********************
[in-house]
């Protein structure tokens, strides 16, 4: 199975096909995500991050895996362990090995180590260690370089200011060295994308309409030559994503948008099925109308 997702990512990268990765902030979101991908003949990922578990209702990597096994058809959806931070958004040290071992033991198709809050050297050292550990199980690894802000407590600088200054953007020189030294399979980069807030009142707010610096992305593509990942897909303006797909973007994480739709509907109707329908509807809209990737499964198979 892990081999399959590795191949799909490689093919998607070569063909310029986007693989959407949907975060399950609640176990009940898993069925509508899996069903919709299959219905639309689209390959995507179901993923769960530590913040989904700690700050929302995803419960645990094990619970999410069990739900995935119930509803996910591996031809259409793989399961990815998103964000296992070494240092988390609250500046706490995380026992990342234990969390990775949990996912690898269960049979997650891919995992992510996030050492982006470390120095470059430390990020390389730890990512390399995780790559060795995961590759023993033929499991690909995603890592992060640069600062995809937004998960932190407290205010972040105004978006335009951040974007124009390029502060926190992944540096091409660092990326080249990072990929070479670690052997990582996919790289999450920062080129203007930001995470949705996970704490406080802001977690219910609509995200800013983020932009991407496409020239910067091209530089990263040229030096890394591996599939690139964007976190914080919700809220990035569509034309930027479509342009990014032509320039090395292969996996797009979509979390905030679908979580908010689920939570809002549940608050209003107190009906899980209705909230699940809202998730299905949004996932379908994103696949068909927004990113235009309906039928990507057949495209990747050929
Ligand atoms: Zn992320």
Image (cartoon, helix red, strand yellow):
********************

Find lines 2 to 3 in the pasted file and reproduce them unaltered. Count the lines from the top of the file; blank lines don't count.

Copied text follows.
């Protein structure tokens, strides 16, 4: 199975096909995500991050895996362990090995180590260690370089200011060295994308309409030559994503948008099925109308 997702990512990268990765902030979101991908003949990922578990209702990597096994058809959806931070958004040290071992033991198709809050050297050292550990199980690894802000407590600088200054953007020189030294399979980069807030009142707010610096992305593509990942897909303006797909973007994480739709509907109707329908509807809209990737499964198979 892990081999399959590795191949799909490689093919998607070569063909310029986007693989959407949907975060399950609640176990009940898993069925509508899996069903919709299959219905639309689209390959995507179901993923769960530590913040989904700690700050929302995803419960645990094990619970999410069990739900995935119930509803996910591996031809259409793989399961990815998103964000296992070494240092988390609250500046706490995380026992990342234990969390990775949990996912690898269960049979997650891919995992992510996030050492982006470390120095470059430390990020390389730890990512390399995780790559060795995961590759023993033929499991690909995603890592992060640069600062995809937004998960932190407290205010972040105004978006335009951040974007124009390029502060926190992944540096091409660092990326080249990072990929070479670690052997990582996919790289999450920062080129203007930001995470949705996970704490406080802001977690219910609509995200800013983020932009991407496409020239910067091209530089990263040229030096890394591996599939690139964007976190914080919700809220990035569509034309930027479509342009990014032509320039090395292969996996797009979509979390905030679908979580908010689920939570809002549940608050209003107190009906899980209705909230699940809202998730299905949004996932379908994103696949068909927004990113235009309906039928990507057949495209990747050929
Ligand atoms: Zn992320």